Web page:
Winchester 1897 Pump-Action Shotgun
Winchester 1897 was the improved follow on to the 1893 pump action shotgun. Notice the external hammer. A popular feature of this shotgun was its "slam fire" capability. As you can see from the top video, you can keep the trigger depressed and every time that you pump the action it will automatically fire. This impressive rate of fire with substantial 12 gauge buck shot gave US troops in WW I trenches at least parity with the new Imperial German submachine guns.
These little double action revolvers were as popular as they are reliable. The "originals" were chambered in .442, which was an adequate round. A cheaper ".44 Bulldog" round was made in the US since .442 was a little pricey. Despite the substantial slug the best way to describe the little ".44 Bulldog" bullets is cute.
Since an uncountable number of small Belgium manufacturers made British Bulldog revolvers (some restyled to resemble Colts or S&Ws) and even more knock off of knock offs were manufactured in the US and who knows where else, there is no way to say how many were made in total.
I was lucky enough to find an "English Bulldog" (knock off of a knock off of a....) and it is a fun little 130+ year old gun. Not a target shooter but very reliable even by modern standards and unusually loud, possibly on purpose. I admit that I carry my 130-ish year old antique as a bear/wolf deterrent.
Since they were double action they were popular back up guns even in the wild West. Supposedly Billy the Kid carried a Bulldog revolver. History
There are still "Bulldog" revolvers being made today because reliable slug throwers do not go out of fashion. Many are chambered in .44 Special. The most infamous British Bulldog was used to assassinate US President Garfield.
It included a cartridge ejector and a loading port on the right side of the body. It functioned in double action. The sights were fixed, and the barrel was generally rounded and sometimes had a flat top. The grips were checkered wood, embossed/molded hard rubber, or other materials, and a lanyard ring was sometimes fitted to the butt.
It was produced by the firm J.B. Rongé & Sons of Liege, and primarily sold to the United States through the mail-order Sears-Roebuck catalog and Montgomery Ward. The base price was US$3.80, compared to $12 for a Smith & Wesson .44 Double Action in the same calibre.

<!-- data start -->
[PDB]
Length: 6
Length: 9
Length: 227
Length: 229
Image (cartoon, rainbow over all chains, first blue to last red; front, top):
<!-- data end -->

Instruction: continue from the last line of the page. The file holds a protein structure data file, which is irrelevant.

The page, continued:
The original "Philidelphia Deringer" was introduced in 1852 by Henry Deringer. These were single shot muzzle loading percussion cap pistols with rifled barrels, and walnut grips. They were usually .41 caliber, and sold in pairs for $15 to $25 per pair. Production ended in 1868. This was the type of handgun used by John Wilkes Booth to assassinate President Abraham Lincoln in 1865.
These guns were very popular, and copied by many different manufacturers, which led to the common misspelling of the name, and the word "derringer" being used to describe any small, concealable pistol that was not a revolver, or semiautomatic.
The best known pistol of this type in the old west was the Remington Derringer. Over 150,000 pistols in four models were manufactured from 1866 to 1935, all in .41 rimfire. A round was loaded into each of the over and under barrels, and a cam on the hammer alternated between them.
More on the "Derringer". With little else to do, I've begun reading historical information about well known gunmen of the Old West. Although not known for using them, James Butler "Wild Bill" Hickok is said to have owned a pair of Williamson Derringers. These were single shot and breech loaded, with a 2.5 inch rifled barrel. They fired the same .41 rimfire cartridge as the Remington. They also came with a blackpowder cap and ball adapter(!). About 40,000 of them were manufactured between 1866 and 1870. They were available in a number of different finishes, and grip materials. So far, I haven't run across an exact description of the type carried by Wild Bill, but it wouldn't surprise me at all to learn that his had ivory grips, like his better known Colt 1851 Navy revolvers.
Good find. Local badman, Jefferson "Soapy" Smith liked carrying Derringers too.
After the Bulldog and Derringer we have to keep the run going so Iver Johnson
Iver Johnson was an immigrant who manufactured bicycles, motorcycles, and revolvers, so a pretty steamy gentleman.
This is just my personal opinion but Iver Johnson was sort of a Smith&Wesson take off in that most revolvers featured a similar top break design and even fired the same ammunition. Iver Johnson did offer some innovative safety features making their revolvers easier to carry in a pocket like the "safety hammerless" design although this was not exclusive to Iver Johnson.
Iver Johnson did make more than revolvers especially after the company was sold.
President McKinley's assassin used a .32 Iver Johnson revolver in 1901. History
https://www.youtube.com/watch?v=hm3veJAyjxI A Colt Single Action video.
It is getting hard to practice these days but this article might help: http://www.aardvarkreloading.com/resources/homemadeprimercourse.pdf
OK, one of the things that vexes me, to some extent, is trying to identify weapons (like revolvers, lever action rifles, &c.) in movies and television shows, For instance, I'm watching the movie Virus right now, and saw a top-break revolver. At first I thought: Schofield! But no, the latch was in the wrong place. So then I thought, well, regular Model 3. Nope. So I have to conclude it's a Webley. Indiana Jones aside, I can't help but see the Webley as an imitation of the Model 3. Now the Webley-Fosbery is a different matter. It's a really steampunkish gun! Nothing like a self-cocking, and self-cycling revolver! Why doesn't someone put one of THOSE in a movie?